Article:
anti-retaliation provisions

Circuit Split on Whistleblower Protections Widens

On March 8, 2017, a divided panel of the Ninth Circuit issued an opinion in Somers v. Digital Realty Trust Inc. that further widened a circuit split on the issue of whether the anti-retaliation provisions in the Dodd-Frank Wall Street Reform and Consumer Protection Act apply to whistleblowers who claim retaliation after reporting internally or instead only to those who report information to the SEC.  Following the Second Circuit’s 2015 decision in Berman v. [email protected] LLC, the Ninth Circuit panel held that Dodd-Frank protections apply to internal whistleblowers.  By contrast, the Fifth Circuit considered this issue in its 2013 decision in Asadi v. G.E. Energy (USA), LLC and found that the Dodd-Frank anti-retaliation provisions unambiguously protect only those whistleblowers who report directly to the SEC.

Plaintiff Paul Somers alleged that Digital Realty Trust fired him after he made several reports to senior management regarding possible securities law violations. Somers only reported these possible violations internally at the company, and not to the SEC.  After his employment was terminated, Somers sued Digital Realty, alleging violations of state and federal securities laws, including violations of the whistleblower protections under Dodd-Frank.  Digital Realty moved to dismiss on the ground that Somers was not a “whistleblower” under Dodd-Frank.  The district court denied the motion, deferring to the SEC’s interpretation that internal reporters are also protected from retaliation under Dodd-Frank.

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Second Circuit Splits With Fifth Circuit Setting Up Possible Supreme Court Review: Are Internal Whistleblowers Protected Under Dodd-Frank?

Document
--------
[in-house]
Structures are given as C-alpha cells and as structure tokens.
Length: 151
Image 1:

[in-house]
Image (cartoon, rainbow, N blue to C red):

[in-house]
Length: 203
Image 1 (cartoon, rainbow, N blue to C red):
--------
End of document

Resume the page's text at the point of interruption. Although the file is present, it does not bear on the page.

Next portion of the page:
On September 10, 2015, a divided panel of the Second Circuit issued an opinion in Berman v. [email protected] LLC, No. 14-4626 (2nd Cir. Sept. 10, 2015), creating a split with the Fifth Circuit on an issue that has also divided lower federal courts: whether the anti-retaliation provisions in the Dodd-Frank Wall Street Reform and Consumer Protection Act apply to tipsters who claim retaliation after reporting internally, or only to those retaliated against after reporting information to the SEC.  The Second Circuit, granting Chevron deference to SEC interpretive guidance, held that Dodd-Frank protections apply to internal whistleblowers.  This stands in contrast to the Fifth Circuit’s holding in Asadi v. G.E. Energy (USA), LLC, 720 F.3d 620 (5th Cir. 2013), where that court found that on their face, the Dodd-Frank anti-retaliation provisions unambiguously limited protection to whistleblowers reporting to the SEC, and that, therefore, the SEC’s contrary guidance was not entitled to deference.  Given this Circuit split, Supreme Court review is possible.

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SEC Guidance Supports its Position That Internal Whistleblowers are Protected Under Dodd-Frank

On August 4, 2015 the Securities and Exchange Commission issued interpretive guidance elaborating its view that the anti-retaliation provisions in the Dodd-Frank Wall Street Reform and Consumer Protection Act apply equally to tipsters who claim retaliation after reporting internally, as well as those who are retaliated against after reporting information to the SEC.  The guidance reflects that there is a split among federal courts over whether Dodd-Frank’s whistleblower retaliation provisions apply to internal as well as external reporting, and recognizes that the only circuit court to decide the issue to date, the Fifth Circuit, has taken a contrary position to that of the Commission in Rule 21F, the regulation the SEC adopted to implement the whistleblower legislation, holding that internal reports are not protected by Dodd-Frank. Whether internal reports qualify for Dodd-Frank coverage has important implications because, among other things, Dodd Frank provides enhanced recoveries (including two times back pay) and longer time frames (six years) for bringing a retaliation claim than would be available under the anti-retaliation provisions in the Sarbanes-Oxley Act of 2002.

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To Whom Must The Whistle Blow? SEC Asks Second Circuit for Deference on Scope of Dodd-Frank Whistleblower Protection

Whistle

In an amicus brief filed earlier this month in Berman v. [email protected] LCC, the SEC asked the Second Circuit to defer to the Commission and hold that individuals who report misconduct internally are covered by the anti-retaliation protections of the Dodd-Frank Act of 2002, regardless of whether they report the information to the SEC.

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